Hey, it’s National Character Counts week. How are you going to celebrate?
You mean you didn’t know? Sure President Clinton declared it so — Oct. 18-24. You still have time to make your plans, so get busy.
If you’re looking for ideas on how to commemorate this solemn occasion, perhaps you should look to the president himself for an example.
“One of the greatest building blocks of character is citizen service,” said Clinton in his exciting announcement last week about National Character Counts Week. “We must do more as individuals and as a society to encourage all Americans — especially our young people — to share their time, skills, enthusiasm and energy with their communities. Whether we teach children to read, mentor young people, work at a food bank or homeless shelter, or care for people living with AIDS, citizen service calls forth the best from each of us. It builds a sense of community, compassion, acceptance of others and a willingness to do the right thing — all hallmarks of character.”
I wonder if this is the method Clinton used to build his own rock-solid character? After all, he’s been involved in “public service” all of his life. So committed to citizen service is Bill Clinton that he never really had time for a regular job outside of government.
And make no mistake, by “citizen service,” Bill Clinton means “government work.”
He boasts in his proclamation about the 90,000 young men and women who “have served their communities through AmeriCorps during the past four years, tutoring students, mentoring children, building homes, fighting drug abuse.” And what is AmeriCorps? It’s not a volunteer program coordinated by the government. It is a boondoggle that hands out your hard-earned tax dollars to hire “volunteers” to work in such programs.
Does that build character? Is that the kind of public service Bill Clinton is talking about? You bet it is. It’s a program his administration invented. It costs millions of dollars — money that could be diverted directly to help those in need, but instead gets filtered through Washington and used to pay for the kinds of programs we used to call charity.
If working for the government, as Bill Clinton suggests, built character, he should be the paragon by which we measure it. Has it worked out that way? I don’t think I have to answer that. Even the president’s fiercest defenders admit he’s a little challenged in the character department.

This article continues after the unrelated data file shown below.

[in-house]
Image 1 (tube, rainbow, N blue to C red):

But now we begin to understand why. It seems Clinton doesn’t even understand what character is, nor how one develops it.
“During National Character Counts Week, let us reaffirm to our children that the future belongs to those who have the strength of character to live a life of service to others,” Clinton concluded.
Character is better defined by our behavior when no one is looking than by our behavior when we are out in public.
There are lots of motivations for people to devote their time to what Clinton calls public service. Just look at what the president has received from it. He uses this life he built and the power he has accumulated from it to get dates.
Even people who give their lives over to more traditional forms of charitable work often derive some kind of benefit from it themselves — intangible, though it may be.
The real acts of charity and citizen service that relate to character are done in secret. They have nothing to do with government. They certainly have little to do with taxpayer subsidies. And they certainly don’t initiate from the most corrupt, unethical, law-breaking White House in the history of the American Republic.
Character? Bill Clinton is a character, all right. The very fact that he can issue such a proclamation with a straight face and no sense of shame or embarrassment, after dragging this once great nation through scandal after scandal, crime after crime, shows he is a very unusual person. But character?
Character has to do with moral constitution, strength, self-discipline. Are these traits that make you think of Bill Clinton? So why is Bill Clinton lecturing the nation on character?
Because he’s trying to redefine it. Since he doesn’t have any character, Clinton seeks to change the definition in a way that suits him.
So how should we celebrate this new national holiday? I would say it would be a good time to ensure that the congressional candidate you vote for in two weeks has some character — and some backbone, some common sense and some moral courage.